China Shenhua Energy Co. (601088) and Yanzhou Coal Mining Co. led a gauge of energy stocks to the biggest advance among industry groups in the CSI 300 (SHSZ300) Index. Sany Heavy Industry Co., the biggest Chinese machinery maker, surged 2.3 percent. ZTE Corp. (000063), the nation’s second-biggest phone-equipment maker, tumbled 8.1 percent, dragging down the Shenzhen Composite Index. China Vanke Co. and and Poly Real Estate Group Co. fell on concern rising home prices will lead to new property restrictions.
The Shanghai Composite Index (SHCOMP) rose 0.4 percent to 2,428.15 at the close, the highest since May 8, even as three stocks fell for every two that climbed. The measure advanced 5.6 percent last week, the most since October 2011, after data showed manufacturing expanded last month. A government report yesterday showed service industries grew at the fastest pace since August.
“The stock market is enjoying a valuation expansion and improving data are providing support,” said Li Jun, a strategist at Central China Securities Co. in Shanghai.
The Shanghai index has risen 24 percent from a three-year low on Dec. 3, signaling a bull market to some investors, on signs economic growth is accelerating. The gauge is valued at 13.3 times reported profit, the highest level since Sept. 2011, data compiled by Bloomberg show. That’s still lower than the measure’s seven-year average multiple of 21.4, the data show.
The CSI 300 rose 0.2 percent to 2,748.03 today, while the Shenzhen Composite slid 0.9 percent. The Hang Seng China Enterprises Index (HSCEI) of Chinese companies traded in Hong Kong gained 0.1 percent. Mainland markets will be closed all of next week for the Lunar New Year holidays.
Trading volumes in the Shanghai Composite were 31 percent higher than the 30-day average today, according to Bloomberg data. The gauge’s 100-day volatility was at 18.7, the highest level since June 2012.
A measure of energy stocks rose 2.7 percent. Shenhua, the biggest coal producer, added 1.3 percent to 24.93 yuan. China Coal Energy Co. (601898), the second largest, gained 2.7 percent to 8.0 yuan. Datong Coal Industry Co. surged by the 10 percent daily limit to 10.26 yuan.
China’s services industries rose as gains in retailing and construction aided government efforts to drive a recovery. The non-manufacturing Purchasing Managers’ Index climbed to 56.2 in January from 56.1 in December, the National Bureau of Statistics and China Federation of Logistics & Purchasing said in a statement. A reading above 50 indicates expansion.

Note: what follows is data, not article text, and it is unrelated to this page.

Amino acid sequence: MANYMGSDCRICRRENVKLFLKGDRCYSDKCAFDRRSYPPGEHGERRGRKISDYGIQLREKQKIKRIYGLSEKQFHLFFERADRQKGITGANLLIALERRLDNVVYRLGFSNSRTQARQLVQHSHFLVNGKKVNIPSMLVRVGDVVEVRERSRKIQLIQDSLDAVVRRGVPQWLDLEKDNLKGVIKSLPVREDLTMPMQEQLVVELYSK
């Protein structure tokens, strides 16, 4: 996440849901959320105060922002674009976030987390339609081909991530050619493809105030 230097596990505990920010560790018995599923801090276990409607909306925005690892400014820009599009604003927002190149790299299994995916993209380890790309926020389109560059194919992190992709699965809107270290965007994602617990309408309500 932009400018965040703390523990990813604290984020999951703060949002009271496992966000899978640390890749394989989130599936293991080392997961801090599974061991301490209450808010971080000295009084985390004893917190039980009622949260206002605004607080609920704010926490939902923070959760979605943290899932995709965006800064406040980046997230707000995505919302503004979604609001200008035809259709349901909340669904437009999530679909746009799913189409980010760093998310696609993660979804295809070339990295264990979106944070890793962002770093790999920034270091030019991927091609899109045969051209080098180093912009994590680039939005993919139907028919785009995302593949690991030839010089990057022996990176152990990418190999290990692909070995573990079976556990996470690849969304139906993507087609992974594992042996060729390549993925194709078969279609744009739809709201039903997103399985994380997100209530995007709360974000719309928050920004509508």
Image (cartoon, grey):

The federation’s manufacturing PMI released Feb. 1 showed a fourth month of expansion and a separate gauge from HSBC Holdings Plc and Markit Economics rose to the highest level in two years. The statistics bureau and the customs office are due to release January data on inflation and exports on Feb. 8.
Sany Heavy surged 2.3 percent to 12.28 yuan, the highest since Aug. 7. Construction machinery equipment sales will peak after the Chinese new year, KGI Securities wrote in a report dated Jan. 31. Excavator sales may post year-on-year growth as sector fundamentals are continuing to improve, KGI said.
ZTE tumbled 8.1 percent to 10.02 yuan, its biggest drop since Oct. 15. Mobile phones including smartphones will be investigated under a tariff act, the U.S. International Trade Commission announced on Jan. 31.
Vanke, the nation’s biggest listed property developer, lost 0.5 percent to 11.90 yuan in Shenzhen. Poly Real Estate, the second biggest, slid 1.1 percent to 13.13 yuan.
There is increasing likelihood that the government may introduce new measures to contain housing price inflation, Zhan Zhiwei, chief China economist at Nomura Holdings Inc., wrote in a report today.
New home prices rose 1 percent in January, the biggest gain in two years, SouFun Holdings Ltd., the country’s biggest real estate website owner, said on Feb. 1, based on its survey of 100 cities.
Chinese stocks traded in the U.S. rose on Feb. 1 after data showed the U.S. added jobs in January and manufacturing expanded. The Bloomberg China-US 55 Index (CH55BN), the measure of the most-traded U.S.-listed Chinese companies, added 0.8 percent in New York. The iShares FTSE China 25 Index Fund, the largest Chinese exchange-traded fund in the U.S., advanced 0.8 percent.
--Zhang Shidong. Editors: Allen Wan, Darren Boey
To contact Bloomberg News staff for this story: Zhang Shidong in Shanghai at firstname.lastname@example.org
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